The new Porsche 911 explores the Turracher Höhe pass. Previously one of the most difficult alpine passages and torture for winter tires, it now offers nothing but pleasure and a sense of freedom fueled by the mind in motion.
8. Turracher Höhe
The driver’s door closes with a soft thud. Suddenly, silence reigns. The gurgling of the mountain stream ceases, as does the buzzing of the stoneflies. The Porsche shields its passengers from the outside world, while leaving the motion open to view. Here, inside the new 911, there’s space for dreams. Dreams of driving pleasure and joie de vivre, of the open road and freedom. As soon as the sun begins its ascent, many of these dreams will come true.
The philosopher Jean-Jacques Rousseau once remarked, “I have never thought, for my part, that man’s freedom consists in being able to do whatever he wills, but that he should not, by any human power, be forced to do what is against his will.” That’s an exciting thought for anyone sitting in a sports car. Especially if they wish to move freely and without constraint.
The Turracher Höhe, a pass in the western portion of Austria’s Gurktal Alps, is an ideal place to fulfill that wish. The road has gradients of up to 23 percent, and the pass lies at an altitude of 1,795 meters, just south of Lake Turrach, which straddles the border between the states of Styria and Carinthia. With breathtaking combinations of curves and five hairpin turns, the approximately thirty-kilometer stretch attracts just about everything that moves on two legs and either two or four wheels. Styria’s tourism portal describes the area as a “lushly varied” and “matchless landscape.”
Early morning is the best time to live out a longing for the open road. A few birds are flying overhead in a northwesterly direction, but otherwise even the mountains still seem to slumber. The Eisenhut looms on one side, the Nock Range on the other. Forests of stone pines, grasses, and moss, all of them still in shadow, line the road to the left and right.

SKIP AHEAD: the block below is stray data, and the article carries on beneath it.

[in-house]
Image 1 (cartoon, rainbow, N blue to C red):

But in less than half an hour the slate-blue sky will give way to an expanse of white-gray clouds. The Porsche waits at the side of the road, radiating power, elegance, and a lightness of being—a haven on wheels from which to explore the world. The only things needed are time and rhythm. The driver turns the key and listens to the deep rumble as the flat-six, biturbo, three-liter engine warms up.
The car leaves the stream behind, accelerates, brakes, and takes staccato-like gear shifts, creating its unique beat and rhythm, the star of its own road movie. Adventures, mountains to climb, and the joy of motion create a sense of “being in the zone,” which is the ideal mode for any activity. Mihaly Csikszentmihalyi, a Hungarian-American psychologist known for his research into happiness, has a theory of “flow” that he describes as the pleasurable experience of a mental state characterized by complete concentration and total involvement in an activity that demands neither too much nor too little. The “flow” of driving would therefore be a carefree state in which the driver has everything under control. Closely related would be the feeling of using time utterly as one pleases, which in turn elicits a marked sense of freedom.